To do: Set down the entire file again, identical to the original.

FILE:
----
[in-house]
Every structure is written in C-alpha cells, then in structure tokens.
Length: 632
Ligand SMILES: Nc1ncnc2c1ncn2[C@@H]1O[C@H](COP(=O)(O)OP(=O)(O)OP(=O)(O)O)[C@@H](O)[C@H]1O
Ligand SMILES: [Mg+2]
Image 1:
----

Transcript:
[in-house]
Every structure is written in C-alpha cells, then in structure tokens.
Length: 632
Ligand SMILES: Nc1ncnc2c1ncn2[C@@H]1O[C@H](COP(=O)(O)OP(=O)(O)OP(=O)(O)O)[C@@H](O)[C@H]1O
Ligand SMILES: [Mg+2]
Image 1: